I’m starting off Kate with Cryer’s Cross. I would say is kinda of a ghost story. Kendall loves her small town in Montana but she has dreams of going to school in New York. When tragedy strikes and her friends start to go missing, she teams up with the new boy to solve the mystery. Race, mental disorders and small town secrets all come into play in this well written mystery.
Holly Black is a master story teller and this is in my opinion one of her best books. She takes the vampire genre to a new level with this one. I have to say it’s right up there with Sunshine by Robin McKinley. Cities have been walled up to quarantine off vampires from the regular populations. Tana wakes up the day after a party to find herself the only survivor of a vampire attack with the vampire and her ex-boyfriend both tied up. She must make the decision to take them to a Coldtown. Depression and the search for fame are also examined as they make their journey.
They called it the Killing Day when regular citizens go on a killing spree out of nowhere in a small town in Kansas. Five teenagers from different parts of town are thrown together as they try to survive the night and the mysterious virus goes through the town. Social classes, privilege, abuse all play apart of the narrative as they figure out what’s going on and how they can escape it.
I changed my final book. I originally was going to have Kate read another Holly Black novel but it didn’t really fit the whole horror theme. This one kinda gave me nightmares. So good Luck, Kate. Ry and his mother and sister are trying to save their Iowa farm when a meteorite hits nearby and their past comes back to haunt them. Their abusive father is on the loose and Ry must rely on his old imaginary friends to helped him survive his father before. Can they do it again?
I hope Kate and everyone who chooses to read along will enjoy their Summer of Horror and Suspense.
This is the story of Cath, a first year college student who is super awkward, in love with characters in a teen series, and a writer of fan fiction. She moves into her dorm room with her new roommate (after her twin sister tells her she doesn’t want to room with her) and then proceeds to try and make it as far as she can without interacting with anyone. Her roommate, Reagan, and her roommate’s friend (boyfriend? friend? boyfriend?) Levi force her to interact with them. Levi forces the issue by snooping through Cath’s stuff and eating most of her supply of protein bars (forcing her to ask where the cafeteria is) and Reagan forces the issue by making Cath eat with her in the cafeteria. They slowly become friends. Cath and Levi realize that they have feelings for each other and the story spirals from there. Additionally, there are story arcs that involve both of Cath’s parents. Cath’s father has raised her and her sister from when they were very young and now her mother would like to have some involvement. Cath’s father also has bipolar disorder. Cath’s interactions with her parents were beautiful and at times heartbreaking.
I love Cath. I love her so much.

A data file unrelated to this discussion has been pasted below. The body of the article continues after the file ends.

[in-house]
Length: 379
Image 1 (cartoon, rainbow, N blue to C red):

This book has beginning of school drama. It has tension between sisters (ugh, her sister drove me crazy!). There is romance. There is friendship. There is at least one douche canoe of a bro tryna take advantage of a young woman. There’s some really satisfying comeuppance for said douche canoe of a bro. There’s an awesome professor who gets it…but also doesn’t get it. And, there’s the fan fiction. Oh, the fan fiction. I finished this book in two days and I read it on my phone because I couldn’t get enough of it. I read it in every spare minute that I had. This was by far my favorite of the books that Beth assigned me this summer. I cannot wait for Carry On!, Cath’s fan fiction, to be published this Fall!
This book repeatedly punched me in the stomach.
In a perfect set of coincidences, I am visiting my parents in Cedar Rapids, IA. Rainbow Rowell is speaking in Cedar Rapids, IA. Oh and the library’s ebook of Attachments became available. So, I read the first three chapters before heading out. To start, I wasn’t sure if she would read or give a talk or answer questions. Rowell did mostly questions and answers and she started by answering a question that she gets a lot: how did you become a novelist.
I knew immediately that I was going to like her because she had on a dress with trees on it (I found out at the signing it was from eShakti) and a large cat face necklace. Normally, I am loath to be the kind of person who judges people by what they’re wearing but plus-size women who have cultivated a sense of style (especially ones that are my age or older and remember a time when all plus-size clothing was hideous) are always cool even if I don’t like them.
So, Rowell started out by telling us about her life before her books were published as a journalist who for awhile had a gig covering Western Iowa for an Omaha paper. It was great to hear her tales of the hijinx that we get up to in the middle of the nation. (We had a Pork Queen who was a vegetarian. If that’s not funny to you, you’re either not from here or you’re not from here and you guessed wrong as to what a Pork Queen is.)
Then she took questions from the audience. She gave advice to young authors. She talked about her favorite fandoms (Sherlock). She talked her X- men-Mary Sue-self-insert fan fic she wrote as a teen. I laughed so much I was so excited to continue reading Attachments.
After Rowell’s talk she signed books. There was a long line and it was great that she signed so many books. I don’t usually fangirl (especially not over an author whose books I’ve not finished) but I stood in that really long line to tell her how much I enjoyed her talk, get my book signed and to get my picture taken.
Yup, I’m that kind of nerd.